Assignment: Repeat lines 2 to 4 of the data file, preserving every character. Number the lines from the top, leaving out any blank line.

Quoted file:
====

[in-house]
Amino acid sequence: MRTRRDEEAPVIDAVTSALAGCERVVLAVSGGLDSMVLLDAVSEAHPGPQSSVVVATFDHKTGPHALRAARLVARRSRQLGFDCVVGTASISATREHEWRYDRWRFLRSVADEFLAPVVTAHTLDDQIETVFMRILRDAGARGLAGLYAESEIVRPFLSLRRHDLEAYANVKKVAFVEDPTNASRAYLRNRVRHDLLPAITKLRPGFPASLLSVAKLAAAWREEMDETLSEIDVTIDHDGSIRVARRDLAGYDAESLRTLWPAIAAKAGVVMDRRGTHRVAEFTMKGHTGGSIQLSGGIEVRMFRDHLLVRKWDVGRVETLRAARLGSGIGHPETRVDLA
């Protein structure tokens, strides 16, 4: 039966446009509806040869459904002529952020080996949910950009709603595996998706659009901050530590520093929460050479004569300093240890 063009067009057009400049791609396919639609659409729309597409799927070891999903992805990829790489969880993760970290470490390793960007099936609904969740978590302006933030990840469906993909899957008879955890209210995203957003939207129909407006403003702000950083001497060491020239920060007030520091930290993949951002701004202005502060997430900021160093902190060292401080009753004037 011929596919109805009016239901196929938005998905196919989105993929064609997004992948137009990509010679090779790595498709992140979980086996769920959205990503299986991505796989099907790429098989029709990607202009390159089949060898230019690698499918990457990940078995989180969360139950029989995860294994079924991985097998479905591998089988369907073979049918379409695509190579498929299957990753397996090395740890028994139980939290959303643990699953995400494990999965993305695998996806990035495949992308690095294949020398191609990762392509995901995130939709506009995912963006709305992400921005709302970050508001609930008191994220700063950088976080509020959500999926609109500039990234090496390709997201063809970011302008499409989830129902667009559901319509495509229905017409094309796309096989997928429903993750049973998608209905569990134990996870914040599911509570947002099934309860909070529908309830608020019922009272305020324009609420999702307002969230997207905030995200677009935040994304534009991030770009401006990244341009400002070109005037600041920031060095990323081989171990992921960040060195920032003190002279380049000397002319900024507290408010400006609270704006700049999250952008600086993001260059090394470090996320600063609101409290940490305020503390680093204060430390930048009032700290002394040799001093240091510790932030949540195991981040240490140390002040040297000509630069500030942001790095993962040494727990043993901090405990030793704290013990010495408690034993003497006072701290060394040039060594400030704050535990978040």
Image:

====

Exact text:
Amino acid sequence: MRTRRDEEAPVIDAVTSALAGCERVVLAVSGGLDSMVLLDAVSEAHPGPQSSVVVATFDHKTGPHALRAARLVARRSRQLGFDCVVGTASISATREHEWRYDRWRFLRSVADEFLAPVVTAHTLDDQIETVFMRILRDAGARGLAGLYAESEIVRPFLSLRRHDLEAYANVKKVAFVEDPTNASRAYLRNRVRHDLLPAITKLRPGFPASLLSVAKLAAAWREEMDETLSEIDVTIDHDGSIRVARRDLAGYDAESLRTLWPAIAAKAGVVMDRRGTHRVAEFTMKGHTGGSIQLSGGIEVRMFRDHLLVRKWDVGRVETLRAARLGSGIGHPETRVDLA
């Protein structure tokens, strides 16, 4: 039966446009509806040869459904002529952020080996949910950009709603595996998706659009901050530590520093929460050479004569300093240890 063009067009057009400049791609396919639609659409729309597409799927070891999903992805990829790489969880993760970290470490390793960007099936609904969740978590302006933030990840469906993909899957008879955890209210995203957003939207129909407006403003702000950083001497060491020239920060007030520091930290993949951002701004202005502060997430900021160093902190060292401080009753004037 011929596919109805009016239901196929938005998905196919989105993929064609997004992948137009990509010679090779790595498709992140979980086996769920959205990503299986991505796989099907790429098989029709990607202009390159089949060898230019690698499918990457990940078995989180969360139950029989995860294994079924991985097998479905591998089988369907073979049918379409695509190579498929299957990753397996090395740890028994139980939290959303643990699953995400494990999965993305695998996806990035495949992308690095294949020398191609990762392509995901995130939709506009995912963006709305992400921005709302970050508001609930008191994220700063950088976080509020959500999926609109500039990234090496390709997201063809970011302008499409989830129902667009559901319509495509229905017409094309796309096989997928429903993750049973998608209905569990134990996870914040599911509570947002099934309860909070529908309830608020019922009272305020324009609420999702307002969230997207905030995200677009935040994304534009991030770009401006990244341009400002070109005037600041920031060095990323081989171990992921960040060195920032003190002279380049000397002319900024507290408010400006609270704006700049999250952008600086993001260059090394470090996320600063609101409290940490305020503390680093204060430390930048009032700290002394040799001093240091510790932030949540195991981040240490140390002040040297000509630069500030942001790095993962040494727990043993901090405990030793704290013990010495408690034993003497006072701290060394040039060594400030704050535990978040």
Image: